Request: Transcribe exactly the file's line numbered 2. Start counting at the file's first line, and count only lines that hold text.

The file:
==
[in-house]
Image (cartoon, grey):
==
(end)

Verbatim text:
Image (cartoon, grey):